My, how you’ve changed!

There are plenty of logical arguments to be had about whether a god might exist, or whether we have any evidence to suggest that a god actually does exist. However, I’m constantly being reminded, most religious people don’t actually justify their faith with such arguments (and, to be fair, many people who are atheists don’t justify their atheism with them, either). Most of the time, we all rely on heuristics, rules of thumb that let us reach what we think are the likely correct answers more quickly.

I’m sure you can think of lots of examples of this kind of heuristic. “What are my emotions during religious services and rituals?” is a common one. “What do other people I trust, like my parents and other older relatives, think on the issue?” is another. One which I find personally compelling, when evaluating a belief system which claims to have unchanging, definitive answers to our questions, is, “Is this belief system telling a consistent story?” I don’t just mean in the sense of whether there are glaring internal contradictions in the story at any point in time, though that is important; what I mean is, are the truth claims and moral teachings consistent throughout time?

Over the millennia, religious people have made the same statements to identify themselves. “I am a [member of religion] and the beliefs of [religion] are based on [holy text].” Fill in the blanks as you will. Jews still say, “I am Jewish,” Christians still say, “I am Christian,” and Muslims still say, “I am Muslim.” Yes, there are different sects, different denominations — but they all claim to be basing their beliefs on the correct interpretation of their holy text and to be representing the true, best form of their religion. The various claims between sects as to what their religion “really” is are widely divergent, and even if we set aside the sectarian distinctions, the consensus understanding of “what it means to be [religious]” has changed dramatically over time.

There are more examples of this phenomenon than I could realistically cover in a single blog post. (Feel free to gripe about your personal favorites in the comments.) I’m just going to write about a few issues that I find extremely jarring.

We’ve heard a lot lately about how Islam forbids the drawing of the Muslim prophet Muhammad. Somehow, I’ve never come upon any prominent Muslim acknowledgment of the fact that drawing Muhammad was fine, and actually pretty common, up until around the 17th century and in some areas still today. Meanwhile, it seems that Christians have no problem whatsoever drawing or painting Jesus, or having statues or mosaics of Jesus, all over the place. You’d never guess that in the early centuries of Christianity, visual depictions of Jesus were frowned upon because many Christians of Jewish descent still cared about the second commandment’s prohibition against the worship of graven images. If Jesus was included in pictures, it was typically through the use of a pictogram, or by analogy through the depiction of another character. So, Islam went from drawings-okay to drawings-bad, and Christianity went from drawings-bad to drawings-okay. What happened at the transitions? Nothing, as far as I can tell.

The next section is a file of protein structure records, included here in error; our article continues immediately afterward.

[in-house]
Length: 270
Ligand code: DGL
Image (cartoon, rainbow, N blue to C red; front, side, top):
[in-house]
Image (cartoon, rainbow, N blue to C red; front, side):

I’ve read and seen a lot of very mixed messages from religions about who we’re supposed to hate or look down upon as inferior. Let’s just talk about Christianity for now. If you’re American (and you grew up in a state other than Texas) you probably learned in history class about how Christianity was used to justify the slave trade. I find it particularly interesting that early Christianity was actually generally abolitionist, then Christians were mostly pro-slavery for about a millennium, and today Christians tend to agree that slavery is bad. Then there’s the whole issue of homosexuality. Being gay has been frowned upon for many centuries (and being lesbian all but ignored), but now a growing number of Christians are reinterpreting the Bible passages that were once cited against gays and lesbians and declaring their sexual orientation to be perfectly fine in the eyes of God. Nothing appears to be driving these transformations other than political and social pressures. No burning bushes that talk, no new prophets writing extra books of the Bible that lay out God’s new rules. Just changing opinions.